What I Learned About the FAFSA and What You Need to Know

What I Learned About the FAFSA and What You Need to Know

Earlier this week kicked off FAFSA season.

As of October 1st, 2017, students planning to attend college for the 2018-2019 school year can start completing the Free Application for Federal Student Aid (FAFSA).  The FAFSA is the application students complete to determine financial aid eligibility and must be filled out every academic year. 

To be completely honest, I wasn’t sure exactly where to start when it came to filling out the FAFSA, so I waited until the last minute.  When I explained to the financial aid department at my selected university that I would be independently paying my way and needed as much financial assistance as possible, they gave me some valuable tips and information.

no place like home

Financially Independent, But Still Live With Your Parents?  That’s Okay.  But They Still Need to Fill Out the FAFSA.

If you’re under 24 and not a veteran of the armed forces, chances are you will be filing your FAFSA as a “dependent”.  Simply put, you live at home and/or your parents assist in financially providing for you in some way.

Your parents are not obligated to provide support once FAFSA information has been filed.  The status gives the Department of Education a better understanding of what type of student loans you’ll receive.

Independent/Dependent:  Which One is Me?

Just because you file a W2 and claim yourself on your taxes, doesn’t mean you can/should claim yourself as an independent on your FAFSA.  Here’s a great infographic from studentaid.ed.gov to help navigate your independent/dependent filing status:

dependency status for FAFSA infographic

Who’s My Parent When I Fill Out the FAFSA?

Every family is different, so here’s a helpful infographic to walk you through defining your parent status before filling out the FAFSA.

parent filing status for the FAFSA

Here’s Everything Else You Need to Fill Out the FAFSA
 

1.    Your FSA ID.  This is a username and password you can use to log in to U.S. Department of Education websites.  One parent of each dependent student will need an Federal Student Aid (FSA) ID.  You can create your ID, even if you’re not ready to file for the FAFSA yet.  Create a FSA ID.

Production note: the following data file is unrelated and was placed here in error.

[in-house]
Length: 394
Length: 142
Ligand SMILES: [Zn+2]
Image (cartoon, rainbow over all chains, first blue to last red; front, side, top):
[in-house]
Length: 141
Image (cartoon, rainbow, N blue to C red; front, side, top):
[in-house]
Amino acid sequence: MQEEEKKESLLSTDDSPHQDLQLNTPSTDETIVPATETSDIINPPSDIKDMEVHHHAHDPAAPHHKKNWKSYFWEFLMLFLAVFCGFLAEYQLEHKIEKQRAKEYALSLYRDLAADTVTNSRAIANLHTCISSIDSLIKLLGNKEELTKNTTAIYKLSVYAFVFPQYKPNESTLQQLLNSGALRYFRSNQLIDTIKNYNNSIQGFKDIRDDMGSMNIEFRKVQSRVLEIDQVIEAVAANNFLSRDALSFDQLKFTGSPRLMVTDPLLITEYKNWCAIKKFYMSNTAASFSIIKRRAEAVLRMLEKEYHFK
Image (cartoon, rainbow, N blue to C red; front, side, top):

2.    Your Social Security number.
 

3.    Your driver’s license number.   
 

4.    Your 2016 tax record information.  The Department of Education recently modified this process by requiring a year earlier of your tax records.  Beginning this year, you’ll report 2016 information instead of 2017.
 

5.    Records of parent’s untaxed income.  This could include child support received, interest income, or veteran benefits.
 

6.    Records of assets.  This includes savings/checking accounts, stocks, bonds, and real estate (except the home which your family lives).
 

7.    List of colleges/universities you have considered attending.  You can always modify this list later, so add as many considerations as possible to receive all financial aid information.

 

What if I Live At Home, But My Parents Don’t Want to Provide Their Information?
Even if you plan on paying for college independently, the FAFSA still requires your parent’s information.  Here’s some information regarding, “What if my parents are unwilling to provide their information on my FAFSA form”?

 

Did You Know Your Credit Union Offers Resources About the FAFSA?
There’s a FAFSA National Webinar Recording to check out through our Student Choice page.  Find more information on planning for college, and learn more about student loans.

Questions about filling out the FAFSA early?  Contact the Student Choice Center at 1-866-252-8561 or reach them via mail.

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